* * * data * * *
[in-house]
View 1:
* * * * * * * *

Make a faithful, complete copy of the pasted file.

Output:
[in-house]
View 1: